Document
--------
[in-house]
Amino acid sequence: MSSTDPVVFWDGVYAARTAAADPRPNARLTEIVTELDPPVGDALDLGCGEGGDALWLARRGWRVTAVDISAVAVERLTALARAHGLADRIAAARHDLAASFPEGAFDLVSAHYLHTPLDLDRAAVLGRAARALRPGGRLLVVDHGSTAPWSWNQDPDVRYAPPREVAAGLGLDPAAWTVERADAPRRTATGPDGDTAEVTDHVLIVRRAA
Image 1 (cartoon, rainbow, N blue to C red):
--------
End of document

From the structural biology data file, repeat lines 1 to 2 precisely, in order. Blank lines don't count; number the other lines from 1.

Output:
[in-house]
Amino acid sequence: MSSTDPVVFWDGVYAARTAAADPRPNARLTEIVTELDPPVGDALDLGCGEGGDALWLARRGWRVTAVDISAVAVERLTALARAHGLADRIAAARHDLAASFPEGAFDLVSAHYLHTPLDLDRAAVLGRAARALRPGGRLLVVDHGSTAPWSWNQDPDVRYAPPREVAAGLGLDPAAWTVERADAPRRTATGPDGDTAEVTDHVLIVRRAA